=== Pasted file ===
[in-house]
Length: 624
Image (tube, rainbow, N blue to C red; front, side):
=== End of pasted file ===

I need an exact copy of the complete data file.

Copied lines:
[in-house]
Length: 624
Image (tube, rainbow, N blue to C red; front, side):